Avraham Stern was born in Poland to a learned Zionist family. He moved to Eretz Yisrael [Palestine] in 1925 and studied briefly at the Gymnasia in Jerusalem before entering the Hebrew University. An outstanding student of the humanities, Stern won a scholarship to study classical languages and literature at the University of Florence. He returned to Eretz Yisrael in 1929 and joined the Haganah, and not long after left his studies to devote his energies entirely to fighting for Jewish independence.
In 1931, a group of Haganah fighters, rejecting what they deemed was moderation and restraint in the fight for Jewish independence, broke away from the Haganah and formed an armed resistance movement of their own, known as the Irgun. Stern, whose views had become much more militant following the Arab riots of 1929, became an active member of the Irgun. He took on the underground name of Yair, in tribute to the commander of the zealots at Masada, Eliezer Ben Yair.
Stern, who viewed the British, more then the Arabs, as the primary enemy of the Jews and the principal obstacle to Jewish independence, called strongly for an armed struggle against the British. With David Raziel, he compiled a manual on the use of the revolver, the first of its kind in Hebrew. He also wrote the poem Anonymous Soldiers (1933) which became the anthem first of the Irgun, and later, of Lehi. A collection of Stern's underground poetry was published posthumously.
In 1937, following the Arab riots, the Irgun split, with many of its members returning to the Haganah. Stern and others who refused to accept Haganah leadership remained in the Irgun under the command of Jabotinsky and continued their militant activities. Stern went to Poland to establish Irgun training courses there and to obtain arms. Returning to Eretz Yisrael, he was imprisoned by the British from August, 1939 to June, 1940.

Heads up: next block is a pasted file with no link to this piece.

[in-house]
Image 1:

Stern insisted that the struggle against the British remain independent of any political linkage, even to Jabotinsky's Revisionist party. He also vehemently opposed tempering the resistance in any way, and thus, in August, 1940, when the Irgun decided to suspend their attacks on the British during World War II, Stern formed a radical splinter opposition group, known as Lehi, an acronym for Lohamei Herut Yisrael. He maintained that, even in the face of the Nazi threat, it was the British who posed the major threat to the Jews; doubting the Allies could win the war, he even advocated an alliance with Nazi Germany and Fascist Italy, believing these ties would assist the nationalist effort in Eretz Yisrael.
Stern's extremism, coupled with several robberies committed by members of his group, earned Lehi the resentment of many Jews in Eretz Yisrael, as well as the British. By 1942 the British had offered a reward for Stern's capture. On February 12, 1942, the British discovered and forced their way into Stern's hiding place in Tel Aviv, and killed him immediately. The building is now a museum of the Lehi movement.
Sources: The Pedagogic Center, The Department for Jewish Zionist Education, The Jewish Agency for Israel, (c) 1997, 1998, 1999, 2000, Director: Dr. Motti Friedman, Webmaster: Esther Carciente. Photo courtesy of the Jabotinsky Institute, which takes no responsibility for the text.